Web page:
Our summer safety checklist below was created to help you prepare for a safer summer this year. From trampolines to traveling during the COVID-19 pandemic, we’ve compiled advice on how to check equipment, develop backyard rules, plan for social summer gatherings, and more.
Given how often injury occurs in the backyard, it’s important to learn how to keep children, teens, and adults safer this summer. Inspecting the condition of items in your outdoor spaces is a great first step to take so you can fix any problems before they cause harm. For example, checking your decks and porches for loose boards or shaky handrails can help to prevent trips and falls. Also, preparing to handle fire hazards from grills and fireworks can help to prevent fire incidents and burns.
Another recent study we conducted about fire safety concluded that cooking was the second most common cause of home fires, especially on the weekends during typical dinner hours. An additional study also determined that 45% of American households don’t own a fire extinguisher. Given the likelihood of a cooking fire occurring, it’s a great idea to secure a fire extinguisher for your home this summer. And if you already have one, be sure to check it’s expiration date.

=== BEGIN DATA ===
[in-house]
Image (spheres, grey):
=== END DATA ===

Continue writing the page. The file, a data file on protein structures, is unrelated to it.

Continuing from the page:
You may also want to review these additional important safety rules with your children. We’ve gathered expert advice on how to teach kids about a variety of safety issues they may face at home. Our guide also includes how to prepare them for dangers outside the home, like what to do if they are lost. Safety education for kids and teenagers can help them to avoid hazards and understand how to deal with tricky situations in the real world.
Creating Safer Backyard Experiences
Even under the most vigilant supervision, accidents can happen; however, there are many steps you can take to improve the safety of your backyard. Children and adults are both likely to injure themselves while enjoying outdoor spaces, so take all ages into account as you secure your outdoor items. We should take the highest precautions around trampolines and swimming pools, too. Follow our summer safety checklist to create a safer backyard environment today.
Analysis of NEISS data from 2019 on items related to the home, yard, and summer activities such as grills, pools, patios, trampolines, and other outdoor recreational equipment. Supplemental survey of 453 parents with children living at home was performed to understand how families will entertain themselves this summer compared to last summer. Data relying on self-reporting have certain limitations including but not limited to exaggeration, telescoping, and selective memory.